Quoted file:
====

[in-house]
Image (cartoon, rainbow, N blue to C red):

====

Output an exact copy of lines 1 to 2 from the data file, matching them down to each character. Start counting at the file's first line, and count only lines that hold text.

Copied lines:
[in-house]
Image (cartoon, rainbow, N blue to C red):